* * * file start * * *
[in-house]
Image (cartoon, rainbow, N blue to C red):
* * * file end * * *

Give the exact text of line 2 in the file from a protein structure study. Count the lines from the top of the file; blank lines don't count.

Image (cartoon, rainbow, N blue to C red):